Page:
This post originally appeared on http://www.capitalpress.com/Research/20160322/drones-catching-on-in-northwest-agriculture.
[Editor’s Note: Farmers see drones as the perfect tool for crop-scouting.]
An Idaho farmer who helps run a company that assesses farm fields using drones sees significant growth in drone use for agriculture in the second season in which drones will be available as a commercial service for growers.
KENDRICK, Idaho — Local farmer Robert Blair is helping to set up a new commercial drone service to aerially scout U.S. agricultural fields, and he anticipates rapid growth this season in the fledgling industry.
Last season — when the Federal Aviation Administration first allowed commercial drone services — Blair helped pioneer the use of drones in agriculture with Hayden, Idaho-based Empire Unmanned. It was the first company to work under an FAA exemption to fly commercial, unmanned aircraft for precision agriculture.
He now serves as vice president of agriculture with Measure, a Washington, D.C.-based drone service that was formed two years ago and will be making its first commercial unmanned flights this spring. Measure has nine licensed pilots on its staff around the country — some specializing in assisting industries other than agriculture such as energy and construction. The company also has 450 FAA exemptions to fly specific drones commercially.
“We have pilots in the pipeline, and as demand increases, we will put them in place,” Blair said.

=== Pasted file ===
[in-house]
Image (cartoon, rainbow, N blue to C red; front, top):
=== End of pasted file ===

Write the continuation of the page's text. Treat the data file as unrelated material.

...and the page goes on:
On March 22, Measure also announced plans to offer commercial drone operators the opportunity to convert to Measure franchises.
Bill Orchard, an agronomist consulting on about 10,000 acres near Walla Walla, Wash., plans to contract with Measure to fly his growers’ field three to four times this season.
“A lot of my clients are going into more and more precision agriculture. They are no-till growers, and they are starting to farm more and more of their fields by production zones,” Orchard said. “The drones are going to give me a better view of those zones as we go through the growing season, and we can match those up with information we’re getting from harvest monitors and soil samples.”
Rob Schoepflin, of Palouse, Wash., who was trained as an aerial applicator pilot, will serve as Measure’s agricultural pilot for Idaho and Washington. He’s undergone drone training in Florida and practices with a computer simulator. Schoepflin said it takes a drone roughly 12 minutes to survey 20 acres.
“There are definitely good field guys out there that go and check crops, but to send somebody out for 400 acres, that could take all day, whereas a drone could do a 2,000-acre field in one flight,” Schoepflin said.
Blair said Measure’s drones will take color photos and multi-spectral images using four channels. Analytics from the cameras will help identify crop anomalies, tying the information to specific GPS coordinates for use in field scouting, variable-rate maps and precision agriculture.
“You can save time scouting and provide more detailed information to make better management decisions,” Blair said.
Blair said the FAA is expected to approve permanent rules governing drones this season. Blair believes it will be critical for crop researchers to prioritize drones and precision agriculture in their proposals, and he said universities must continue to develop programs in drones and precision agriculture to supply a workers who understand the technology.